PRC

With respect to the PRC, in accordance with our standard practice for respondent selection for NME countries, we intend to issue quantity and value questionnaires to each potential respondent, and will base respondent selection on the responses received. In addition, the Department will post the quantity and value questionnaire along with the filing instructions on the Enforcement and Compliance Web site (http://www.trade.gov/​enforcement/​news.asp). Exporters and producers of MSG from the PRC that do not receive quantity and value questionnaires via mail may still submit a quantity and value response, and can obtain a copy from the Enforcement and Compliance Web site. The quantity and value questionnaire must be submitted by all PRC exporters/producers by no later than November 12, 2013. All quantity and value questionnaires must be filed electronically using IA ACCESS.

Separate Rates

In order to obtain separate rate status in an NME investigation, exporters and producers must submit a separate rate application.[41] The specific requirements Start Printed Page 65282for submitting the separate rate application in the PRC investigation are outlined in detail in the application itself, which will be available on the Department's Web site at http://www.trade.gov/​enforcement/​news.asp on the date of publication of this initiation notice in the Federal Register. The separate rate application will be due 60 days after the publication of this initiation notice. For exporters and producers who submit a separate rate status application and have been selected as mandatory respondents, these exporters and producers will no longer be eligible for consideration for separate rate status unless they respond to all parts of the Department's AD questionnaire as mandatory respondents. The Department requires that PRC respondents submit a response to the separate rate application by the deadline referenced above in order to receive consideration for separate rate status.

Use of Combination Rates

The Department will calculate combination rates for certain respondents that are eligible for a separate rate in an NME investigation. The Separate Rates and Combination Rates Bulletin states:

{w}hile continuing the practice of assigning separate rates only to exporters, all separate rates that the Department will now assign in its NME investigations will be specific to those producers that supplied the exporter during the period of investigation. Note, however, that one rate is calculated for the exporter and all of the producers which supplied subject merchandise to it during the period of investigation. This practice applies both to mandatory respondents receiving an individually calculated separate rate as well as the pool of non-investigated firms receiving the weighted-average of the individually calculated rates. This practice is referred to as the application of “combination rates” because such rates apply to specific combinations of exporters and one or more producers. The cash-deposit rate assigned to an exporter will apply only to merchandise both exported by the firm in question and produced by a firm that supplied the exporter during the period of investigation.[42]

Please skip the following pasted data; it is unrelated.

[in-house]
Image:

Distribution of Copies of the Petitions

In accordance with section 732(b)(3)(A) of the Act, and 19 CFR 351.202(f), copies of the public version of the petitions have been provided to the Governments of Indonesia and the PRC via IA ACCESS. Because of the particularly large number of producers/exporters identified in the petitions, the Department considers the service of the public versions of the petitions to the foreign producers/exporters to be satisfied by the provision of the public versions of the petitions to the Governments of Indonesia and the PRC, consistent with 19 CFR 351.203(c)(2).

ITC Notification

We have notified the ITC of our initiation, as required by section 732(d) of the Act.

Preliminary Determinations by the ITC

The ITC will preliminarily determine, within 45 days after the date on which the Petitions were filed, whether there is a reasonable indication that imports of MSG from Indonesia and the PRC are materially injuring, or threatening material injury to, a U.S. industry.[43] A negative ITC determination for any country will result in the termination of the investigation with respect to that country; otherwise, these investigations will proceed according to statutory and regulatory time limits.

Submission of Factual Information

On April 10, 2013, the Department published Definition of Factual Information and Time Limits for Submission of Factual Information: Final Rule, 78 FR 21246 (April 10, 2013), which modified two regulations related to AD and CVD proceedings: (1) The definition of factual information (19 CFR 351.102(b)(21)), and (2) the time limits for the submission of factual information (19 CFR 351.301). The final rule identifies five categories of factual information in 19 CFR 351.102(b)(21), which are summarized as follows: (i) Evidence submitted in response to questionnaires; (ii) evidence submitted in support of allegations; (iii) publicly available information to value factors under 19 CFR 351.408(c) or to measure the adequacy of remuneration under 19 CFR 351.511(a)(2); (iv) evidence placed on the record by the Department; and (v) evidence other than factual information described in (i)-(iv). The final rule requires any party, when submitting factual information, to specify under which subsection of 19 CFR 351.102(b)(21) the information is being submitted and, if the information is submitted to rebut, clarify, or correct factual information already on the record, to provide an explanation identifying the information already on the record that the factual information seeks to rebut, clarify, or correct. The final rule also modified 19 CFR 351.301 so that, rather than providing general time limits, there are specific time limits based on the type of factual information being submitted. These modifications are effective for all proceeding segments initiated on or after May 10, 2013, and thus are applicable to these investigations. Please review the final rule, available at http://enforcement.trade.gov/​frn/​2013/​1304frn/​2013-08227.txt, prior to submitting factual information for these investigations.